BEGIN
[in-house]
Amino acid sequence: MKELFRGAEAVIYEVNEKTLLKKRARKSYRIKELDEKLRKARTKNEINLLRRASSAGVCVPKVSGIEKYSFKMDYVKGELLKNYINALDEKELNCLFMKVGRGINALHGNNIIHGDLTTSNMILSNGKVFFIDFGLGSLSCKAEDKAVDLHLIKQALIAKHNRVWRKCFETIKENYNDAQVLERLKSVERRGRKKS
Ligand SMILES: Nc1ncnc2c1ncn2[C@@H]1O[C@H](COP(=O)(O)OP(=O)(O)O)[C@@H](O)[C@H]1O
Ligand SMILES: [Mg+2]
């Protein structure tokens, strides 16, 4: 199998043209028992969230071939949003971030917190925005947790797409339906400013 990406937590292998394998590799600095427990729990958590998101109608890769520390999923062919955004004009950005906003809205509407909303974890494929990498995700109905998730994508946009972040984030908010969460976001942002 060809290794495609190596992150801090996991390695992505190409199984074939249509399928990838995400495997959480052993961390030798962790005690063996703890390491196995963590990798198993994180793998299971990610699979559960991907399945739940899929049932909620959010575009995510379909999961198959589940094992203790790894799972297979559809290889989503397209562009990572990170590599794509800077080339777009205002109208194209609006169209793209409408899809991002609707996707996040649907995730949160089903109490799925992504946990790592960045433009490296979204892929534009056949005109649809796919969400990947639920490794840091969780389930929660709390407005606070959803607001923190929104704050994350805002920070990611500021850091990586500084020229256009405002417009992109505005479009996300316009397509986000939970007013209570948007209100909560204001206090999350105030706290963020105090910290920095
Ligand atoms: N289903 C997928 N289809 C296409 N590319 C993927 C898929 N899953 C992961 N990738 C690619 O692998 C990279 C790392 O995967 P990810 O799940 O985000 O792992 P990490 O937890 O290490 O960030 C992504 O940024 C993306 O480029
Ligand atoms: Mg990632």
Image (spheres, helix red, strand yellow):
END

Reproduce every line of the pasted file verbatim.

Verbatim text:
[in-house]
Amino acid sequence: MKELFRGAEAVIYEVNEKTLLKKRARKSYRIKELDEKLRKARTKNEINLLRRASSAGVCVPKVSGIEKYSFKMDYVKGELLKNYINALDEKELNCLFMKVGRGINALHGNNIIHGDLTTSNMILSNGKVFFIDFGLGSLSCKAEDKAVDLHLIKQALIAKHNRVWRKCFETIKENYNDAQVLERLKSVERRGRKKS
Ligand SMILES: Nc1ncnc2c1ncn2[C@@H]1O[C@H](COP(=O)(O)OP(=O)(O)O)[C@@H](O)[C@H]1O
Ligand SMILES: [Mg+2]
């Protein structure tokens, strides 16, 4: 199998043209028992969230071939949003971030917190925005947790797409339906400013 990406937590292998394998590799600095427990729990958590998101109608890769520390999923062919955004004009950005906003809205509407909303974890494929990498995700109905998730994508946009972040984030908010969460976001942002 060809290794495609190596992150801090996991390695992505190409199984074939249509399928990838995400495997959480052993961390030798962790005690063996703890390491196995963590990798198993994180793998299971990610699979559960991907399945739940899929049932909620959010575009995510379909999961198959589940094992203790790894799972297979559809290889989503397209562009990572990170590599794509800077080339777009205002109208194209609006169209793209409408899809991002609707996707996040649907995730949160089903109490799925992504946990790592960045433009490296979204892929534009056949005109649809796919969400990947639920490794840091969780389930929660709390407005606070959803607001923190929104704050994350805002920070990611500021850091990586500084020229256009405002417009992109505005479009996300316009397509986000939970007013209570948007209100909560204001206090999350105030706290963020105090910290920095
Ligand atoms: N289903 C997928 N289809 C296409 N590319 C993927 C898929 N899953 C992961 N990738 C690619 O692998 C990279 C790392 O995967 P990810 O799940 O985000 O792992 P990490 O937890 O290490 O960030 C992504 O940024 C993306 O480029
Ligand atoms: Mg990632």
Image (spheres, helix red, strand yellow):